Ankara faces difficult choices on ISIL
United States President Barack Obama and British Prime Minister David Cameron want an international coalition that will fight the Islamic State of Iraq and the Levent (ISIL). The coalition they propose includes Turkey. The U.S. and Britain are willing to provide air power, weapons and military advice, and expect regional countries to help the Iraqi military fight ISIL effectively on the ground.
This is what was discussed during last week’s NATO summit in Wales and what U.S. Defense Secretary Chuck Hagel discussed in Ankara the other day. It will also be the main item on the agenda at the two-day meeting in Saudi Arabia, which will include the six members of the Gulf Cooperation Council (GCC), Egypt, Jordan, Turkey, and of course the U.S. that are the driving force behind this meeting.
Saudi Arabia has been warning that ISIL poses a common threat to all and requires a unified stance, suggesting they will join any coalition against ISIL. Egypt, Jordan, and others in the region may do so too. There are serious problems for Turkey though.
President Recep Tayyip Erdoğan has been arguing that Ankara has to tread cautiously because of the 49 Turkish hostages, including Turkey’s Mosul Consul General, that are still being held by ISIL militants.
Past experience indicates, however, that Ankara would still be reluctant if there were no hostages involved.
There are a number of reasons for this, including a desire not to appear to be a key member of any Western led military coalition that does not have the approval of the United Nations Security Council against an Islamic nation.
But in this case it has to consider more than just this or the possibility of endangering the lives of the Turks being held by ISIL. Turkish involvement could have undesirable spill-over effects, not the least of which is that ISIL carries its terror campaign to Turkey itself given Turkey’s proximity to the region and its porous long border with Syria.
There is also the prospect that Turkey may find itself fighting alongside the Kurdistan Workers’ Party (PKK) against ISIL, an idea that is abhorrent to the Turkish armed forces and most Turks. The PKK, which in the eyes of Turkey is a deadly terrorist organization, has nevertheless proved its worth against ISIL in Northern Iraq.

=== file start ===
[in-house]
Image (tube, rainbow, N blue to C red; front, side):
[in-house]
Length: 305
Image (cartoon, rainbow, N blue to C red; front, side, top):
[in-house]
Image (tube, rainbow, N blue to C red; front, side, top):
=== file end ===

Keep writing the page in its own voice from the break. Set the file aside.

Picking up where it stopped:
This has resulted in various western analysts on channels such as CNN International suggesting the group – which is also designated as a terrorist organization by the U.S. and a number of European countries - should be used against ISIL.
Turkey is already wary that some of the weapons that the West has started to supply to Kurdish Peshmerga fighters, as well as the Iraqi security forces, will find their way into PKK hands and be used against the Turkish security forces.
Given this overall picture the easiest thing for Ankara is to avoid open involvement against ISIL, while waiting for others to take care of it, and maintain its guard against the PKK. It could also give behind-the-scenes support against ISIL in order to appease its western allies, while appearing not to be doing so in order not to incur the wrath of this group.
It is clear, however, that opting to go in one of these directions will have severe consequences for Turkey, loosing credibility in the West, as well as its influence in the region, especially if the U.S. convinces Saudi Arabia, Egypt, Jordan, and even Qatar to fight actively against ISIL.
If the fight against ISIL turns out to be successful without Turkey’s active support this will also be used by the opposition at home against President Erdoğan and Prime Minister Davutoğlu.
There are many “ifs” involved in all this, but none of the options appear to be that great for Erdoğan and Davutoğlu, who have said many lofty things in the past about Turkey’s role and influence in the Middle East, but who now face difficult choices.
As they say, talk is cheap and it is actions that will now show what kind of real regional leadership potential they have, if indeed, they have any.